We take several things away from an IR:
An attraction or aversion to that particular type of interaction.
A gain or loss of emotional energy.
A symbol or set of symbols that we can later use to recreate what we experienced in the IR.
The symbol could be a word or phrase, an image, a piece of music, a gesture, or a physical object. Imagine the fan of a particular band coming home from a concert and listening to the same music while looking at pictures of that band. It is a faint facsimile of the experience of being in the swaying, roaring crowd, enveloped in high decibel sound.
Symbols are not evergreen. People need to engage in IRs to recharge symbols with their original vitality. Symbols often gain a meaning and importance equal to or greater than their origins. Thus we gain sacred objects. People value them intensely for their ability to recreate positive IR experiences.
Collins illustrates this in a roundabout way by discussing breaching experiments. Some researchers explored the breaching of ordinary and innocuous social standards and observed people’s reactions. One was called the “unexplainable do-gooder.” A person in formal business clothing was set to the task of cleaning up a section of a street. Inevitably a local resident would question the cleaner. Did he live there? No. Was he being paid to clean? No. Was he being forced to clean because of community service, or losing a bet? No. The street was dirty. People would get agitated, confused, even angry because they couldn’t find a socially normative explanation for the man in the business suit cleaning the street. He’s not doing anything truly wrong, but he’s doing something emotionally wrong by stepping outside the boundaries of an assumed social pattern.
It’s not in this book, but it reminds me of an experiment referenced in Jonathan Haidt’s book The Righteous Mind. Researchers asked people to make moral judgments on hypotheticals, one of them being a woman who buys an American flag and secretly cleans her bathroom with it. The act is legal, it affects nobody and offends nobody, but people still reacted strongly to the concept. The hypothetical cleaning woman was manipulating a powerful emotional symbol in a way that struck at people’s arbitrary valuation of the object.
Collins writes about types of IRs, such as power IRs and status IRs. A power IR is one where one person demonstrates their social power over another. It is a one sided interaction, with the dominant participant walking away with the emotional energy and the other diminished. The other common type is a status ritual, where people demonstrate their belonging to a group. This is also rarely egalitarian, with some people ending up closer to the center of the group and others more towards the fringe, with the relative benefits one would expect. Nevertheless, it is this sort of IR towards which people gravitate. In a species that has made its fortune by being gregarious, belonging is a big deal. THE big deal. An individual’s relative status within a group is also a big deal, and we engage in subtle testing and observation of this ranking in every interaction.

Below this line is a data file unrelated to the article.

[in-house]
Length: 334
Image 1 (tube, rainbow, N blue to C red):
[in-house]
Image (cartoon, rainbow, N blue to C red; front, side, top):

As I wrote above, there is too much in this book to do it justice without actually rewriting it. I’ll give a few more highlights, though.
The more formal a ritual, the more it establishes categories of membership. Think of attending a Catholic mass and taking communion. It’s binary – you are either in or out.
The less formal a ritual, the more it establishes personal reputation. American society is ostensibly egalitarian. We have mostly given up on the formal class based social rituals of the past, and deference is unfashionable. Contrast today to the 1890s, when thousands of people turned out to watch the 400 richest people in New York City attend a grand party. Today our status elite are media celebrities. Minus the aura of deference they become human totems. People strive to get near them, touch them, or take away something significant from them. Note the periodic auctions of a celebrity’s personal items. People are trying to take away a symbolic fragment of the emotional energy accumulated by an IR lightning rod. Movie stars and rock stars have huge resources of social status from continually being at the epicenter of huge IR status rituals.
Collins has an interesting sidebar on tobacco rituals. They used to be status defining rituals. Taking snuff was a refined ritual of the upper classes – until it became more commonly available, at which time it became unacceptable for upper class women. Pipe smoking was originally a convivial activity among men in public places. This slowly evolved until in the mid 20th century it was a solitary occupation for upper-middle class men. Chewing tobacco was exclusively male and exclusively working class, as it remains today. Cigar smoking was a male upper class phenomenon in the 19th and early 20th century, and a defined after dinner ritual. As cigars became cheaper it lost its cachet. Likewise, cigarettes were indicative of the upper class party animal through the first half of the 20th century. People displayed stylish cigarette cases and elegant women gestured with cigarette holders. The movies of the 1930s epitomize this. As with many other things, mass production cheapened the ritual, and by the 1960s all forms of tobacco use had lost their high-status origins. Collins makes the point that anti-smoking campaigns would have failed before this time, not so much because of industry push back, but because tobacco still had a politically powerful constituency using it as a sign of class status.
There is much more here, but I’ll leave it at that. I find the book validating in that it reminds me of an essay I wrote recently, before I ever read it: The Real World It’s about what people call social capital, the sum total of all the little, seemingly pointless face-to-face interactions we have every day. It’s the glue that holds us together.